One of the main causes for stress is being confronted by a huge task that makes us feel completely overwhelmed. It can leave us feeling like it’s impossible to get done, that there’s no point in trying or that we have to work ourselves to the bone to get a deadline met. Rather than thinking of it as one huge undertaking, we can split it into smaller steps. Looking at a problem as a series of small tasks helps us to realistically set goals rather than stress out about an impossible one.

Be kind to yourself

Learning to care for yourself will help you to feel better about a situation. If you feel stressed give yourself breaks during the day. We don’t have to be busy every second of the day in order to get things done. Time out from the stress is necessary to look after your own health and wellbeing. If you blame or question yourself for the level of stress you feel it will almost certainly make it worse

Exercise regularly

Letting off some steam gives you that necessary catharsis. Exercise doesn’t just look after your physical health, but tops you up with endorphins that will improve your mood and outlook on things as a whole. You’ll also be able to take yourself out of the stressful situation for a moment and burn off the pent up energy that’s causing all the stress in the first place.

Talk to someone

You don’t have to struggle alone with stress even if that’s how it feels sometimes. If a situation is overwhelming you, then it can help to share the burden with someone. If you are struggling to manage stress You might want to consider seeking professional help Therapy can help you get through a stressful time in your life that you don’t feel able to manage yourself. Whether you’re going through a problem at work, relationship issues, money problems or legal matters, therapy can help you through the challenges you’re facing.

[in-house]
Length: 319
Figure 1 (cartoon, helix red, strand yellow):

Speak with a therapist

If stress is becoming a problem and you’re based in Brighton, you can arrange for an appointment with one of our certified psychotherapists or counsellors. To get started on managing your stress, you can book for an initial consultation here, email us on or call on 01273 068175.

Interior of The Therapy Clinic in Hove

Related posts

How to Help Someone Having a Panic Attack

The Therapy Clinic are working to support people affected by Covid-19 - find out more here

How Does Therapy Help Challenge Negative Thoughts?

The Therapy Clinic are working to support people affected by Covid-19 - find out more here

What are the signs of depression?

The Therapy Clinic are working to support people affected by Covid-19 - find out more here